• African American students become enraged over the white student’s remark about “niggers” and reply that “we’ll whip your ass.”

Problem from different perspectives:

  • Jim Peterson
  • I think he feels because he was successful in a previous setting of similar type children, he can be successful in Mrs. Fitzgerald’s classroom too.
  • I think Jim shows signs of struggling, especially since he is an older student and may feel out of place being in this situation.
  • Mrs. Fitzgerald
  • I think Mrs. Fitzgerald thinks the only way to keep order in the classroom is through traditional instruction. She is afraid to step outside of the box and be creative with students, which could potentially improve student learning.
  • I think because of the marriage, Mrs. Fitzgerald is also afraid to switch her style since Mr. Fitzgerald appears to have a strict style himself.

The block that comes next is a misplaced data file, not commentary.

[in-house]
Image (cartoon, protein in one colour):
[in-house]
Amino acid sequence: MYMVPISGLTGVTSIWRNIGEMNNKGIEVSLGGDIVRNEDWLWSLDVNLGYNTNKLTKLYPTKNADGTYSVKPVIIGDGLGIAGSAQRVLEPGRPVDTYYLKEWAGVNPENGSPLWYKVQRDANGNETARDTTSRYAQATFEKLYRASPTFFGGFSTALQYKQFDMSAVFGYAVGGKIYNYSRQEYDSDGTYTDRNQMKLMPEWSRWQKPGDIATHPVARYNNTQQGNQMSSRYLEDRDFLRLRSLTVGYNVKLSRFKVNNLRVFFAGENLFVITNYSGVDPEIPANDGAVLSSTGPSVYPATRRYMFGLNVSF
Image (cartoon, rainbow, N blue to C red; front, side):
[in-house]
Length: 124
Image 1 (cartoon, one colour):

• Students
  • I think the white student is feeling singled out and is extremely uncomfortable with being the minority in this classroom. Him being the minority is a new concept as compared to being a part of the majority in actual society.

Discrepancy between expectations of the characters and the actual events:

  • The white student expected to be given fair treatment in the class, if not better treatment than the African American children since Mr. Peterson also happened to be white. Instead, Mr. Peterson treated the African Americans very well and related his instruction to their ethnic background.
  • Mrs. Fitzgerald expects Jim Peterson to be as strict and inflexible with the students as she is, as well as teach through more traditional methods. Jim is unable to adapt to this due to his educational background and how he has learned to incorporate creativity and engaging lessons for his students.
  • Jim Peterson
  • Problem: Focuses heavily on African American’s in his lessons and does not relate any material to white people.
  • Trigger : Jim causes the students to erupt into chaos during a lesson.
  • Mrs. Fitzgerald
  • Problem: She does not feel comfortable with Jim’s attempts at being creative as well as his behavior management as he enjoys being laid back.